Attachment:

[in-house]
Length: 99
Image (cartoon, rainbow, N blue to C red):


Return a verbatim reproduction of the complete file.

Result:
[in-house]
Length: 99
Image (cartoon, rainbow, N blue to C red):